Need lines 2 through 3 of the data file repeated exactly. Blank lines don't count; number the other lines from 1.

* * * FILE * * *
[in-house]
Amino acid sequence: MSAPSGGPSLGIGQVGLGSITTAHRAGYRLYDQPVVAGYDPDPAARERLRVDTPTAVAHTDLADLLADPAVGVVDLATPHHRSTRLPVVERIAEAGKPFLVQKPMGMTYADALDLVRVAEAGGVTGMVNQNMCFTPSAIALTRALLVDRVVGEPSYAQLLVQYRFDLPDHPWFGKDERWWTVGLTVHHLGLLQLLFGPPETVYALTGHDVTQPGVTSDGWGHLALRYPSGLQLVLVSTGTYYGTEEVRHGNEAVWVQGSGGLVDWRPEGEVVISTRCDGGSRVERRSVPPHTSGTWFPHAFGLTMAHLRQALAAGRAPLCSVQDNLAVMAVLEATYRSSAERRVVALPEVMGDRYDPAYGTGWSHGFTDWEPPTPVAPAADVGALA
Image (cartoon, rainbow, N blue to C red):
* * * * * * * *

Amino acid sequence: MSAPSGGPSLGIGQVGLGSITTAHRAGYRLYDQPVVAGYDPDPAARERLRVDTPTAVAHTDLADLLADPAVGVVDLATPHHRSTRLPVVERIAEAGKPFLVQKPMGMTYADALDLVRVAEAGGVTGMVNQNMCFTPSAIALTRALLVDRVVGEPSYAQLLVQYRFDLPDHPWFGKDERWWTVGLTVHHLGLLQLLFGPPETVYALTGHDVTQPGVTSDGWGHLALRYPSGLQLVLVSTGTYYGTEEVRHGNEAVWVQGSGGLVDWRPEGEVVISTRCDGGSRVERRSVPPHTSGTWFPHAFGLTMAHLRQALAAGRAPLCSVQDNLAVMAVLEATYRSSAERRVVALPEVMGDRYDPAYGTGWSHGFTDWEPPTPVAPAADVGALA
Image (cartoon, rainbow, N blue to C red):